Behind the scenes at Marvic Wheels, shoemaker to the supercars
Founded as a brand in 1983, but in operation since the mid-1950s, Marvic Wheels’ range of services stretch far wider than ‘just’ wheels. Using innovative sand gravity casting technology, it produces high-quality magnesium wheels for cars and bikes, and other stressed automotive parts, many of which have been instrumental in motorsport successes in a number of disciplines. Almost the whole production process is done in-house at the firm’s factory close to Varese in Italy. Our photographer Rémi Dargegen took a trip to speak with Marvic’s CEO, Pierluigi Sturla.
What’s your earliest automotive memory?
When I was five- or six-years old, my parents ran a luxury car dealership in Milan, and I was often enchanted by the sinuous shapes and the ever-broadening range of colours. I remember being emotionally overwhelmed by the sound and speed of my father’s Ferrari 512BB, and the excitement of our trips to the Toce Falls with his 1928 Bentley.
Is that when your passion for cars began?
Indeed. When I was five, my parents bought me both a miniature Mercedes Pagoda and a Jeep to get around the woods – both were powered by internal-combustion engines. The only gifts I ever asked for were model cars, particularly classics, which thrilled me the most. I then began karting aged seven.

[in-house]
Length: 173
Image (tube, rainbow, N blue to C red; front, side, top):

Italy and cars go hand in hand – did living in the country help to grow your passion?
A famous magazine in the late 1960s once defined Italian cars as the most provocative things in the world after Sophia Loren. Need I say any more? The greatest excitement and stimulus for me today is in manufacturing special wheels and components for the cars with which I used to play as a child.
Was it a natural progression for you to start working in the company?
Unfortunately my grandfather passed away when I was young, but this cruel reality opened my eyes to his world of work – and I’ve never imagined doing anything else since. I always remember being at the racetrack, and my grandfather’s enthusiasm at testing new products and gaining approval from the teams using them. The feeling is exactly the same for me now, though I regret that he never got the chance to witness me using everything he taught me.
Tell us about the beginnings of Marvic Wheels?
The foundry was opened in 1954, for the production of aluminium, bronze and brass castings. Then, in the mid-1970s – when customers already included Osella, Dallara and other notable names in the automotive field – my grandfather travelled to England to study magnesium alloys. In 1983 the Marvic brand was founded, and with it came the world’s first wheel with elliptical hollow spokes. In the motorsport world, it was an innovative invention, and in less than two years, 90% of all racing bikes were fitted with Marvic wheels. Nowadays we’re a specialist in magnesium and aluminium alloys, and produce wheels and components both in small numbers and larger series, for various applications in the automotive, motorcycle, aviation and textiles industries.
Today, you’re the CEO of the company, but how did you learn your craft?